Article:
Several reasons to protect mangrove forests: they store CO2 and can hold it for many thousands of years. In addition, mangrove forests serve as protection for the rainforest located further inland; they provide a buffer, so to speak, between the salty sea water and the fresh inland water. When mangroves disappear due to sea level rise, the adjacent rainforest is also indirectly at risk.

The decomposition of wood releases CO2 and requires oxygen

During the life of trees, decomposition of organic matter also takes place. Leaves fall every year. The lower branches of trees also die sooner or later due to lack of light. In addition, trees produce fruits and seeds, which also fall to the ground. All this material slowly decays on the forest floor: it is reduced and broken down by insects, fungi and bacteria. In this decomposition, the opposite happens as during the growth of trees: it releases CO2 and requires oxygen. Fortunately, in a healthy forest, more greenery always grows than dies.

However, due to human influence, large-scale deforestation takes place. This releases much more CO2 than natural processes when only a few (old) branches break off. That is why it is so important to preserve and protect the existing rainforest! And that is why it is so important to encourage the planting of new trees/forests.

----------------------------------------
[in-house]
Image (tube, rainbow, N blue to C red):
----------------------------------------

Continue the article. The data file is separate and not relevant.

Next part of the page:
The more trees, the more CO2 is absorbed and the more oxygen is produced.

Reducing your CO2 emissions

There are many ways to reduce your CO2 emissions. For example, by leaving your car at home more often and not going on a plane vacation this year. Turning up the heat less often also helps. And did you know that your belongings, such as clothing, also have a great impact on the environment? This is partly because a lot of CO2 emissions are released during the production of items and transportation. So if you buy less or second-hand, you automatically contribute to a better earth!

Furthermore, the positive impact of eating plant-based food (more often) is enormous. For the production of meat and animal feed, a lot of forest is cut down and water is consumed. Moreover, a lot of greenhouse gases are released in the process. For comparison: the production of one piece of beef releases 34 kilos of CO2. For a vegetarian burger this is only 2.6 kilos

Offsetting your CO2 emissions

If you still want to do more than just reduce your emissions, you could also offset your emissions. There are several initiatives where, by making a donation, you can have trees planted or adopt a piece of rainforest to offset your air or car travel.

How many trees should you plant or how much rainforest should you adopt to offset the CO2 emissions of a plane trip or car ride?

For example, to offset the CO2 emissions from a car trip of about 5,000 kilometers, you would need to plant about 20 trees per year. Or adopt 37 square meters of rainforest. For a flight of 10,000 kilometers, you would need to plant about 90 trees per person or adopt 100 square meters of rainforest to offset emissions.

Wondering how big your footprint is? Do the math on our website!